Myth busting – risk n stuff in schools and homes

  • This topic has 12 replies, 9 voices, and was last updated 6 years ago by  MSP.
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  • Myth busting – risk n stuff in schools and homes
  • Premier Icon matt_outandabout
    Subscriber

    Curses, wrong forum.

    I absolutely hate risk assessments for the very reason that they encourage people to look for hazards that are insignificant compared to the benefits whilst simultaneously disregarding those benefits!

    The cotton wool brigade have been allowed to propagate due to misinterpretations of the HS documentation made by over-cautious middle managers trying to cover their asses

    Premier Icon grizedaleforest
    Subscriber

    I see society doing a disservice to children who don’t learn to identify and assess risk themselves, because it’s all managed for them and they’re removed from genuine risk. So when kids/adults come up against risks they’ve not encountered before they haven’t necessarily got the skills to work out what’s best.

    Tom_W1987
    Member

    Having said this, this is all probably the result of a few idiots doing things like walking children up scree slopes on school trips.

    b r
    Member

    So, who’s involved…

    Robin Sutcliffe, Chair of the Play Safety Forum
    CAPT’s Chief Executive Katrina Phillips
    Play England
    Judith Hackitt, Chair of the Health and Safety Executive (HSE)
    Tim Gill, one of the Forum’s advisors

    And I bet pretty much all paid for by my/our taxes.

    ‘Play England’ – never heard of them before:

    http://www.playengland.org.uk/about-us/how-we’re-funded.aspx

    ndthornton
    Member

    here here 💡

    The single most depressing thing about the modern world for me is people’s inability to do realistic risk assessments (not just the obnoxious paper variety either – the ones we do in our heads all the time).

    People miss out on so much these days……

    ianv
    Member

    I am pretty sure schools etc would intuitively be less risk averse if, the potential legal costs of doing so were less.

    tazzymtb
    Member

    I absolutely hate risk assessments for the very reason that they encourage people to look for hazards that are insignificant compared to the benefits whilst simultaneously disregarding those benefits!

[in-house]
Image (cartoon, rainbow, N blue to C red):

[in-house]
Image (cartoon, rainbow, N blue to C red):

to be fair, you aren’t doing them right then.

    A Risk assessment should be suitable and sufficient for the hazard in involved, insignificant risks should be no more than a one liner within the risk management documentation.

    Having seen people with serious long term occupational Ill health to the point of disability and attended and had to undertake accident investigation for industrial fatalities where risk assessment was ignored or not properly communicated it has it’s place.

    But the complexity of the assessment has to be proportionate to the risks otherwise it can be seen as a massively awkward and hindering paperwork exercise rather than the useful tool it really is (when applied properly)

    Premier Icon matt_outandabout
    Subscriber

    I absolutely hate risk assessments

    Which is why we (and many others) are now using risk / benefit assessments. We (and many others) are also moving away from stoopid numerical ‘scoring’ of risk.
    I personally see risk assessments daily that do not state risk. For example ‘tripping up’ is not a risk. Tripping, and hitting floor hard enough to hurt yourself is a risk.

    Indeed, There’s a lot of people out there that don’t know what a risk is even if it came and tripped them up! I’m a big fan of Risk benefit analyses and in the Outdoor education sector, for example, they make much more sense due to the fact that you can’t have adventurous activities without some risk! If you take away the risks, there’s no point to the activity!

    Premier Icon matt_outandabout
    Subscriber

    I would argue for every business risk / benefit is needed.

    MSP
    Member

    Isn’t the reality that the “wrap them in cotton wool brigade” barely exist and have little to no influence. It is just seen as an easy excuse to cover a whole range of reasons that life has changed.

    The health and safety executive used to have a mythbusting section on their website, highlighting the utter drivel spouted by the “health and safety gone mad” brigade.

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